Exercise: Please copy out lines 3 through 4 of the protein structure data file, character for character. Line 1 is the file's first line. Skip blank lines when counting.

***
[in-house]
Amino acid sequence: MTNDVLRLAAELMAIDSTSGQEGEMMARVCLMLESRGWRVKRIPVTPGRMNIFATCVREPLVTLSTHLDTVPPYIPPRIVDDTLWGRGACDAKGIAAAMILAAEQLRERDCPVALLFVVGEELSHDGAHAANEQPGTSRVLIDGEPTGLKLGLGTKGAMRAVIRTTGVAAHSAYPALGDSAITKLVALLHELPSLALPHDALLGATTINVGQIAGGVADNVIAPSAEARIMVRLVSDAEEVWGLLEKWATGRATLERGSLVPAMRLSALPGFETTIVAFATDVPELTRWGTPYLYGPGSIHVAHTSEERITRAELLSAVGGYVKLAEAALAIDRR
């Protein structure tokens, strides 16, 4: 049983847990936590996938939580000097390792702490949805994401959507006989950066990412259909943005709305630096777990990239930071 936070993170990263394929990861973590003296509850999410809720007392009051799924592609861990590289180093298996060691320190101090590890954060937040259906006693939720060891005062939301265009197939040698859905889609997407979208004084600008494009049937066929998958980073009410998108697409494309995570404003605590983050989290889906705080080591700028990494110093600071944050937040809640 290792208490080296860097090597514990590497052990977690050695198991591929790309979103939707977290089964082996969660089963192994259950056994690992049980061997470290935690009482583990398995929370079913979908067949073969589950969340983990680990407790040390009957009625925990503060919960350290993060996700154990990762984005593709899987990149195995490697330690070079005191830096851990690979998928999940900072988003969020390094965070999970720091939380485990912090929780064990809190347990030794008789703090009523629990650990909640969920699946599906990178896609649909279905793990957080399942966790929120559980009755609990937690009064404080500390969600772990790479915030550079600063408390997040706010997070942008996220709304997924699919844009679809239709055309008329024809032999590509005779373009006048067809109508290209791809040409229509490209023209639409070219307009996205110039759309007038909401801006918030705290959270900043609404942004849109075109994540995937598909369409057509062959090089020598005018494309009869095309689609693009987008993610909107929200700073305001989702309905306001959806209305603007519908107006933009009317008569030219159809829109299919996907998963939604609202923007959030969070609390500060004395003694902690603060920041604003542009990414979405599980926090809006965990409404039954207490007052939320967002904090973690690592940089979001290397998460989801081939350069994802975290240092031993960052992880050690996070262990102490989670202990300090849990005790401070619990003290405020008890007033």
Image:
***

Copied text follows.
């Protein structure tokens, strides 16, 4: 049983847990936590996938939580000097390792702490949805994401959507006989950066990412259909943005709305630096777990990239930071 936070993170990263394929990861973590003296509850999410809720007392009051799924592609861990590289180093298996060691320190101090590890954060937040259906006693939720060891005062939301265009197939040698859905889609997407979208004084600008494009049937066929998958980073009410998108697409494309995570404003605590983050989290889906705080080591700028990494110093600071944050937040809640 290792208490080296860097090597514990590497052990977690050695198991591929790309979103939707977290089964082996969660089963192994259950056994690992049980061997470290935690009482583990398995929370079913979908067949073969589950969340983990680990407790040390009957009625925990503060919960350290993060996700154990990762984005593709899987990149195995490697330690070079005191830096851990690979998928999940900072988003969020390094965070999970720091939380485990912090929780064990809190347990030794008789703090009523629990650990909640969920699946599906990178896609649909279905793990957080399942966790929120559980009755609990937690009064404080500390969600772990790479915030550079600063408390997040706010997070942008996220709304997924699919844009679809239709055309008329024809032999590509005779373009006048067809109508290209791809040409229509490209023209639409070219307009996205110039759309007038909401801006918030705290959270900043609404942004849109075109994540995937598909369409057509062959090089020598005018494309009869095309689609693009987008993610909107929200700073305001989702309905306001959806209305603007519908107006933009009317008569030219159809829109299919996907998963939604609202923007959030969070609390500060004395003694902690603060920041604003542009990414979405599980926090809006965990409404039954207490007052939320967002904090973690690592940089979001290397998460989801081939350069994802975290240092031993960052992880050690996070262990102490989670202990300090849990005790401070619990003290405020008890007033």
Image: